Metal Gear Solid (PlayStation) artwork
Metal Gear Solid (PlayStation)

Stuck somewhere between awkward social commentary and a one-series war against interactivity.
The Walking Dead: Season 2.5 - No Going Back (PC) artwork
The Walking Dead: Season 2.5 - No Going Back (PC)

The deconstruction of Clementine.

Feedback

If you enjoyed this LEGO Rock Band review, you're encouraged to discuss it with the author and with other members of the site's community. If you don't already have an HonestGamers account, you can sign up for one in a snap. Thank you for reading!

board icon
Ben posted June 13, 2010:

Great review. I could relate to a lot of the things you mentioned, and I enjoyed reading it from your perspective.

Then, suddenly, it was 3am(add full stop) Somewhere along the line

Even if your tone-death (should be "deaf") friend

you’re stuck on the drums for ("with"?) the repetitive baseline that serves Queen’s We Will Rock You
board icon
EmP posted June 13, 2010:

If you heard her try and sing that song, man, the one thing on your mind would be death, too.

Thanks for the catches. recently, only having three typos in a review is some kind of personal record, so here's hoping that part of my game is back on the mend. Have you played the Lego version, Ben? I tend to remember you as someone pretty handy on the gutiar.
board icon
honestgamer posted June 13, 2010:

Good review. I doubt that it will come as a surprise to you to learn that I actually like the All-American Rejects (their "When the World Comes Down" CD doesn't even really have a song on it that I don't like). Despite that unfortunate snipe, I felt that the review did a nice job of covering your adventures with the sort of game that I expected you to hate... but that you wound up not really hating at all.
board icon
Ben posted June 13, 2010:

Yep, I do have Lego Rock Band. I got it cheap and had a good time with the songs on guitar, which surprised me considering the setlist was definitely more family-friendly. I never got around to finishing the career (I ended up exporting the songs in the end to play on Rock Band 2), but it was fun. Maybe we should play a few songs online if the opportunity arises. I think FIFA takes priority, though.

Oh, and I found another typo!

even though the game is full of catchy tunes, most of these are surprisingly fun to play though ("through").
board icon
bloomer posted June 13, 2010:

This review was well funny.
board icon
EmP posted June 15, 2010:

My disappointment in you, Jason, is tangible.

Thanks for the further catches, Ben. Sadly, I play Rock Band on the Wii. Because I still hang on to enough elitism not to drop money on a plastic drum kit (and, thus, play someone elses copy) when I buy a new cymbal every seven seconds for the real one. They're like brass-flavoured crack to me. I'll still be up for schooling you at FIFA when I'm back online, though.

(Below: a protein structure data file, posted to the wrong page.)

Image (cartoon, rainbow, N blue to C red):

Thanks, Bloomer! Now, to wait eagerly for Electronic Hero so you can pen a begrudging review on that and complete the circe!

(I'm still half-expecting Lewis to turn up and call me a bunch of names.)
board icon
wolfqueen001 posted June 16, 2010:

Oh, I see. So you never actually owned a copy of this after all. This version of the game might also explain why I couldn't find that song on my friend's version of Rock Band 2 even though he'd imported everything from the first and had quite a few downloaded songs. (Though I guess it's possible I just somehow missed it in the set list... though I swear I combed that thing several times.)

I like to make the guys that tackle the drums play YYZ on expert (or at least hard). It's often hilarious, especially when they fail a lot and the rest of us have to save them. I'm also amused when they complain their wrists hurt because none of them are actually real drummers.

I, of course, just stick with the guitar or bass because that's all I've learned to do with the Rock Band / Guitar Hero series and I'm not even that great. I refuse to try and learn anything else because I can't stand the humiliation. (Plus I know I don't have the hand-eye coordination for drumming, and we're not even going to discuss vocals. ...uggggh... XD)

Anyway, this was a fantastic review. The style made it both personal and humorous (in a good way), and I'm still amused at the fact that you were actually charmed into liking a music-themed game of this particular trend, especially with your revulsion of (almost) all things musical.

This game really does seem different(ish) from the other titles in teh Rock Band franchise. After reading the review completely, I don't recognize any of the bands or songs as being on the Rock Band version I've played at my friend's house. From what you describe of it, though, I think I'd prefer the traditional Rock Band set list since I'm really not into the pop stuff (though I do like Queen - you make me sad.)

But yeah. This is great. I think you have a good chance of winning RotW this week.

You must be signed into an HonestGamers user account to leave feedback on this review.

Info | Help | Privacy Policy | Contact | Links

eXTReMe Tracker
© 1998-2014 HonestGamers
None of the material contained within this site may be reproduced in any conceivable fashion without permission from the author(s) of said material. This site is not sponsored or endorsed by Nintendo, Sega, Sony, Microsoft, or any other such party. LEGO Rock Band is a registered trademark of its copyright holder. This site makes no claim to LEGO Rock Band, its characters, screenshots, artwork, music, or any intellectual property contained within. Opinions expressed on this site do not necessarily represent the opinion of site staff or sponsors. Staff and freelance reviews are typically written based on time spent with a retail review copy or review key for the game that is provided by its publisher.